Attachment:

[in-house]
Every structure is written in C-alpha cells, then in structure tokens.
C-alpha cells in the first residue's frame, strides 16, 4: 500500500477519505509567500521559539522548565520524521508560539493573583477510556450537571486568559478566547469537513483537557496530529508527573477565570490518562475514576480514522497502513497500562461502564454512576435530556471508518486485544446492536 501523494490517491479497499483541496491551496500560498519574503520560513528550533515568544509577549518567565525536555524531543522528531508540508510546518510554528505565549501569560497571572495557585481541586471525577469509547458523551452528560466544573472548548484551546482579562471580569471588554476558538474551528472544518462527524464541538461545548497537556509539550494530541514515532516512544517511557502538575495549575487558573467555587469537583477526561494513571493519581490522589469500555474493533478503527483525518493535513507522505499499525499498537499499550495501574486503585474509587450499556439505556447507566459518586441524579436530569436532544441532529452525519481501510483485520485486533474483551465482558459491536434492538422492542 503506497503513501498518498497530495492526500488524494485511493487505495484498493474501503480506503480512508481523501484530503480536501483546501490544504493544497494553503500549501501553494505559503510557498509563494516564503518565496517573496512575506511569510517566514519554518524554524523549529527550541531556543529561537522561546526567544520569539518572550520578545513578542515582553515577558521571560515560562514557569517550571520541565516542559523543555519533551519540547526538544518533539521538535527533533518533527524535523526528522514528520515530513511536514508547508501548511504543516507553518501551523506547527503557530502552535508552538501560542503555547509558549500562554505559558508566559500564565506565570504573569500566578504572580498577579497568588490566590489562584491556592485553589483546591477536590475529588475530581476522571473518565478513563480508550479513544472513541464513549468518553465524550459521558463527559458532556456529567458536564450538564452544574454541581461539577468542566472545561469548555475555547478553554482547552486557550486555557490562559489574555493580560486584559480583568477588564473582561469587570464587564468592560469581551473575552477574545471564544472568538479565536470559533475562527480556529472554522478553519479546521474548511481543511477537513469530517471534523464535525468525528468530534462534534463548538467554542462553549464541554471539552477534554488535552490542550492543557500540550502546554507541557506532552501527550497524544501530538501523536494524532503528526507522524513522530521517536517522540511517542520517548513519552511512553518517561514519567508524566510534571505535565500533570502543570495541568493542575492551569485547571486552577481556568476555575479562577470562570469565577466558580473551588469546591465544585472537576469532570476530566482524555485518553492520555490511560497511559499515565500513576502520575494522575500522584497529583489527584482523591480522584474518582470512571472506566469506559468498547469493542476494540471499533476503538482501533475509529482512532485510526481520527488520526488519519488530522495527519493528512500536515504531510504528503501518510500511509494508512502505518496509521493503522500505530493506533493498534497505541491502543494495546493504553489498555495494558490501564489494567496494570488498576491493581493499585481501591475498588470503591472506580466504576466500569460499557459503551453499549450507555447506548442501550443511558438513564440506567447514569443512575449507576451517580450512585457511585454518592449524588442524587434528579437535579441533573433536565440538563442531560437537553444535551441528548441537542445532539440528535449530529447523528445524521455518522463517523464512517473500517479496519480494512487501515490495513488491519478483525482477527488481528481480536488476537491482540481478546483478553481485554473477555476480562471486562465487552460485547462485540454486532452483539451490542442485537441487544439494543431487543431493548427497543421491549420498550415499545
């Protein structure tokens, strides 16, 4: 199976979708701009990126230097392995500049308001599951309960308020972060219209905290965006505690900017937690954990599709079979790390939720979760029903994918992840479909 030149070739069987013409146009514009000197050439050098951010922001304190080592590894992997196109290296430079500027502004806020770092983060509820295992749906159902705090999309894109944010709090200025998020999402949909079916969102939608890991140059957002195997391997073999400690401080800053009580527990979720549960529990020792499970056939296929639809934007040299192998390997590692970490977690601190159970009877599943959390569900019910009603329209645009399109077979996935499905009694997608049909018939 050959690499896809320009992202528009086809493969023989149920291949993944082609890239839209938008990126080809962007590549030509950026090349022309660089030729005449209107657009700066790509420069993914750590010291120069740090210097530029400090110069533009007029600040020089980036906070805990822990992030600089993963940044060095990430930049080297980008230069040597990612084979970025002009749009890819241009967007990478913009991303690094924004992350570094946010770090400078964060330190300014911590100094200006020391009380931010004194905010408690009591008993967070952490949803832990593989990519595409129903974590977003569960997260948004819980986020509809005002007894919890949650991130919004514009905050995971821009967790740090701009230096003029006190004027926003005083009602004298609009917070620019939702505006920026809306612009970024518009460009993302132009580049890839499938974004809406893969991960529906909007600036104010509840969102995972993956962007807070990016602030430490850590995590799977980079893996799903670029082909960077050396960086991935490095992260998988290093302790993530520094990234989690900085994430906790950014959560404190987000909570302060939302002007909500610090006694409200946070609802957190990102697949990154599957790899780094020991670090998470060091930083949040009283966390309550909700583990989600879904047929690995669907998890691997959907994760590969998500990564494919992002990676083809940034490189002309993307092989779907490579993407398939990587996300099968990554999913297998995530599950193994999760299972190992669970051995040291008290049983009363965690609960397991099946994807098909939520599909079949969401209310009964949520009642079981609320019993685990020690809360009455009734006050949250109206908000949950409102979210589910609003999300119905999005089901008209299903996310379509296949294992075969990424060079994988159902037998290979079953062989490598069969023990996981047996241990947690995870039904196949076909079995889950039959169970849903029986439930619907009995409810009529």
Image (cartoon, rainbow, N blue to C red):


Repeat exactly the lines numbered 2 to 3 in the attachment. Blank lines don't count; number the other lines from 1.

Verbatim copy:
Every structure is written in C-alpha cells, then in structure tokens.
C-alpha cells in the first residue's frame, strides 16, 4: 500500500477519505509567500521559539522548565520524521508560539493573583477510556450537571486568559478566547469537513483537557496530529508527573477565570490518562475514576480514522497502513497500562461502564454512576435530556471508518486485544446492536 501523494490517491479497499483541496491551496500560498519574503520560513528550533515568544509577549518567565525536555524531543522528531508540508510546518510554528505565549501569560497571572495557585481541586471525577469509547458523551452528560466544573472548548484551546482579562471580569471588554476558538474551528472544518462527524464541538461545548497537556509539550494530541514515532516512544517511557502538575495549575487558573467555587469537583477526561494513571493519581490522589469500555474493533478503527483525518493535513507522505499499525499498537499499550495501574486503585474509587450499556439505556447507566459518586441524579436530569436532544441532529452525519481501510483485520485486533474483551465482558459491536434492538422492542 503506497503513501498518498497530495492526500488524494485511493487505495484498493474501503480506503480512508481523501484530503480536501483546501490544504493544497494553503500549501501553494505559503510557498509563494516564503518565496517573496512575506511569510517566514519554518524554524523549529527550541531556543529561537522561546526567544520569539518572550520578545513578542515582553515577558521571560515560562514557569517550571520541565516542559523543555519533551519540547526538544518533539521538535527533533518533527524535523526528522514528520515530513511536514508547508501548511504543516507553518501551523506547527503557530502552535508552538501560542503555547509558549500562554505559558508566559500564565506565570504573569500566578504572580498577579497568588490566590489562584491556592485553589483546591477536590475529588475530581476522571473518565478513563480508550479513544472513541464513549468518553465524550459521558463527559458532556456529567458536564450538564452544574454541581461539577468542566472545561469548555475555547478553554482547552486557550486555557490562559489574555493580560486584559480583568477588564473582561469587570464587564468592560469581551473575552477574545471564544472568538479565536470559533475562527480556529472554522478553519479546521474548511481543511477537513469530517471534523464535525468525528468530534462534534463548538467554542462553549464541554471539552477534554488535552490542550492543557500540550502546554507541557506532552501527550497524544501530538501523536494524532503528526507522524513522530521517536517522540511517542520517548513519552511512553518517561514519567508524566510534571505535565500533570502543570495541568493542575492551569485547571486552577481556568476555575479562577470562570469565577466558580473551588469546591465544585472537576469532570476530566482524555485518553492520555490511560497511559499515565500513576502520575494522575500522584497529583489527584482523591480522584474518582470512571472506566469506559468498547469493542476494540471499533476503538482501533475509529482512532485510526481520527488520526488519519488530522495527519493528512500536515504531510504528503501518510500511509494508512502505518496509521493503522500505530493506533493498534497505541491502543494495546493504553489498555495494558490501564489494567496494570488498576491493581493499585481501591475498588470503591472506580466504576466500569460499557459503551453499549450507555447506548442501550443511558438513564440506567447514569443512575449507576451517580450512585457511585454518592449524588442524587434528579437535579441533573433536565440538563442531560437537553444535551441528548441537542445532539440528535449530529447523528445524521455518522463517523464512517473500517479496519480494512487501515490495513488491519478483525482477527488481528481480536488476537491482540481478546483478553481485554473477555476480562471486562465487552460485547462485540454486532452483539451490542442485537441487544439494543431487543431493548427497543421491549420498550415499545